Hepatic coma; Encephalopathy - hepatic; Hepatic encephalopathy
Loss of brain function occurs when the liver is unable to remove toxins from the blood. This is called hepatic encephalopathy. This problem may occur suddenly or develop slowly over time.
An important job of the liver is to make toxic substances in the body harmless. These substances may be made by the body, such as ammonia. Or they may be substances that you take in, such as medicines.
When the liver is damaged, these "poisons" can build up in the bloodstream and affect the function of the nervous system. The result may be hepatic encephalopathy.
This problem can occur suddenly and you may become ill very quickly. Causes include:
More often, the problem develops in people with chronic liver damage. Cirrhosis is the end result of chronic liver damage. Common causes of chronic liver disease in the United States are:
Once you have liver damage, episodes of worsening brain function may be triggered by:
Disorders that can appear similar to hepatic encephalopathy include:
In some cases, hepatic encephalopathy is a short-term problem that can be corrected. It may also occur as part of a chronic problem from liver disease that gets worse over time.
Symptoms may begin slowly and slowly get worse. They may also begin suddenly and be severe from the start.
Early symptoms may be mild and include:
More severe symptoms may include:
People with hepatic encephalopathy can become unconscious, unresponsive, and possibly enter a coma.
People are often not able to care for themselves because of these symptoms.
Signs of nervous system changes may include:
Tests may include:
If changes in brain function are severe, a hospital stay may be needed.
Medicines are given to help lower ammonia levels and improve brain function. You may need to take these medicines every day.
If the problem is very bad, you may need to cut down the protein in your diet. Talk to a dietitian about how to change your diet and avoid poor nutrition. People who are very ill may need intravenous or tube feedings.
Certain medicines should be avoided
Your health care provider may suggest other medicines and treatments. These may have varying results.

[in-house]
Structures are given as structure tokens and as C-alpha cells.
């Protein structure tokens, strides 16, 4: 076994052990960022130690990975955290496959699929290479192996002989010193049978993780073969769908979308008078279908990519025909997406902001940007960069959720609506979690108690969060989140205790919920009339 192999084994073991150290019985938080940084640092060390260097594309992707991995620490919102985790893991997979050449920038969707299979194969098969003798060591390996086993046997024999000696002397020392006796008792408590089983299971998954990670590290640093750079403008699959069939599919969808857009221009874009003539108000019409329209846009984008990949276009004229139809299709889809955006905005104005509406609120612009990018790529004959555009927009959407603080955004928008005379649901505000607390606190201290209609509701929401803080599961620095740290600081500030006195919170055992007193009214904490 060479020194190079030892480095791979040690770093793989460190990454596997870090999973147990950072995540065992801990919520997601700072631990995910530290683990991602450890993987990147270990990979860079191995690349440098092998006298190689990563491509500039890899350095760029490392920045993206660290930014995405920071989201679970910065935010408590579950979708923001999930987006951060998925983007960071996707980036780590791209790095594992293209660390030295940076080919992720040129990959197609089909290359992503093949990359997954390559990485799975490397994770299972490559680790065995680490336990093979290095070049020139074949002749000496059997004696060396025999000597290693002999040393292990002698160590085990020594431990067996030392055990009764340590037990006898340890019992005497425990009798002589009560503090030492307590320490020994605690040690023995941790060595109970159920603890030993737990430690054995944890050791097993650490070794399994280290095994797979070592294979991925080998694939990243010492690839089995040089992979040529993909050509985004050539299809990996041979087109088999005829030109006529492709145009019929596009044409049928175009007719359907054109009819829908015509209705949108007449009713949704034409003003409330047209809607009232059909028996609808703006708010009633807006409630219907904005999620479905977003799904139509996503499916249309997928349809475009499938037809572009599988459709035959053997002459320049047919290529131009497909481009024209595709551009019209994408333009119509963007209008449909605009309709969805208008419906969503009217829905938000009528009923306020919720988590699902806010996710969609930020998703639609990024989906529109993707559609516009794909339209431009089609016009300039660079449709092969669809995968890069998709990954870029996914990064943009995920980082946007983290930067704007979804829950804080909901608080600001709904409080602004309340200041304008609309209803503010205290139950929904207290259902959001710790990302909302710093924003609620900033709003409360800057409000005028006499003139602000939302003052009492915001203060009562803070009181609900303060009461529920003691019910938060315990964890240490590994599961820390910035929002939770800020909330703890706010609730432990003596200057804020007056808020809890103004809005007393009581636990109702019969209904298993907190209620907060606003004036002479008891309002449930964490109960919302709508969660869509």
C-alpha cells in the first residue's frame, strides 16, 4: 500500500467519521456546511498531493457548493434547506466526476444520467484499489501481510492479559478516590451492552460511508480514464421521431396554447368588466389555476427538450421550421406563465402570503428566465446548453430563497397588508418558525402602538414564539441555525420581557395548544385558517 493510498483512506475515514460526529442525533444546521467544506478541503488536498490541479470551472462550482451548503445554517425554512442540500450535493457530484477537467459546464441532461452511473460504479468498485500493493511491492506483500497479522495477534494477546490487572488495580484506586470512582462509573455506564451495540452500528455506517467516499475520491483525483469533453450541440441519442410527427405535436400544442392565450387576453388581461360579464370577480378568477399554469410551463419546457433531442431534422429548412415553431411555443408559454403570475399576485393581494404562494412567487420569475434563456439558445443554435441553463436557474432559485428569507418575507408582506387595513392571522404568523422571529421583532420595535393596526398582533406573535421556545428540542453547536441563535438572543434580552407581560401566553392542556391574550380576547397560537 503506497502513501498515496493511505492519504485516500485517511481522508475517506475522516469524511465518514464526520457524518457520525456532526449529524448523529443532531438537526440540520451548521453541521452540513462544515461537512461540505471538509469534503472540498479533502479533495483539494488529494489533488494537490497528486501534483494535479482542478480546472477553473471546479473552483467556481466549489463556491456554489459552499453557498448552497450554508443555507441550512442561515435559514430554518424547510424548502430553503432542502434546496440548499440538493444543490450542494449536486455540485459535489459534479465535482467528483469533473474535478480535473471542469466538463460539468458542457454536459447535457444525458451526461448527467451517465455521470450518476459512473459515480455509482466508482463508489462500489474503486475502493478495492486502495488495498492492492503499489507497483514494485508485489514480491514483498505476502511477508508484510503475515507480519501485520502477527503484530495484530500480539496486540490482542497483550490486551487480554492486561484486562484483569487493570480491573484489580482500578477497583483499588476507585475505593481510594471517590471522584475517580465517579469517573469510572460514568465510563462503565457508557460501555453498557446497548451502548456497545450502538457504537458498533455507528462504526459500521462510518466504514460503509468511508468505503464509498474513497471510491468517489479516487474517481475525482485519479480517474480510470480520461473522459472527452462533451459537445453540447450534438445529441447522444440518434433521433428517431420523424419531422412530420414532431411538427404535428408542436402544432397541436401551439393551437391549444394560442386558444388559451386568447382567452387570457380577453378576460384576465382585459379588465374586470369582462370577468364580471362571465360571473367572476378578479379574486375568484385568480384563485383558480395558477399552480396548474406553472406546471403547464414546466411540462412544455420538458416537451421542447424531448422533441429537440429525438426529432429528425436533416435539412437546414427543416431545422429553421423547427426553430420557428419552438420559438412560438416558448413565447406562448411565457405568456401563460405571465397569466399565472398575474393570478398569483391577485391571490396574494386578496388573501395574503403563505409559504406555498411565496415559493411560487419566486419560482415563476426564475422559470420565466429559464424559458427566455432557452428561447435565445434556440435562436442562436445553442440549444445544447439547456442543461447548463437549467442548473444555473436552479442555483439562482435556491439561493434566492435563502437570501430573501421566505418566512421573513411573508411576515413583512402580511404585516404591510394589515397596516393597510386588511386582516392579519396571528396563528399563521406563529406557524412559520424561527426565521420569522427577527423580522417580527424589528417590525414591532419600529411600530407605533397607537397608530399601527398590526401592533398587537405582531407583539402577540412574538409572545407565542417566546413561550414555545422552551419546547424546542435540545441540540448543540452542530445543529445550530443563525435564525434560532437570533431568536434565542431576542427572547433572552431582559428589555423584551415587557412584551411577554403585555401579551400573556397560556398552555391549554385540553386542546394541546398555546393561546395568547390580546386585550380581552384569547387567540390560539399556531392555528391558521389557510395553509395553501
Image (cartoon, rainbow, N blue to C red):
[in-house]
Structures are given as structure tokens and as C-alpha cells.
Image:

Acute hepatic encephalopathy may be treatable. Chronic forms of the disorder often continue to get worse and come back.
Both forms of the condition may result in irreversible coma and death. The majority of people who go into a coma will die. The chances of getting better vary from person to person.
Call your health care provider if you or people around you notice any problems with your mental state or nervous system function. This is very important for people who already have a liver disorder. Hepatic encephalopathy can get worse quickly and become an emergency condition.
Treating liver problems may prevent hepatic encephalopathy. Avoiding heavy drinking and intravenous drug use can prevent many liver disorders.
Garcia-Tsao G. Cirrhosis and its sequelae. In: Goldman L, Schafer AI, eds. Goldman's Cecil Medicine. 25th ed. Philadelphia, PA: Elsevier Saunders; 2016:chap 153.
Leise MD, Poterucha JJ, Kamath PS, Kim WR. Management of hepatic encephalopathy in the hospital. Mayo Clin Proc. 2014;89(2):241-53. PMID 24411831
Nevah MI, Fallon MB. Hepatic encephalopathy, hepatorenal syndrome, hepatopumonary syndrome, and systemic complications of liver disease. In: Feldman M, Friedman LS, Brandt LJ, eds. Sleisenger & Fordtran's Gastrointestinal and Liver Disease. 10th ed. Philadelphia, PA: Elsevier Saunders; 2016:chap 94.
Last reviewed on: 8/14/2015
Reviewed by: Subodh K. Lal, MD, gastroenterologist at Gastrointestinal Specialists of Georgia, Austell, GA. Review provided by VeriMed Healthcare Network. Also reviewed by David Zieve, MD, MHA, Isla Ogilvie, PhD, and the A.D.A.M. Editorial team.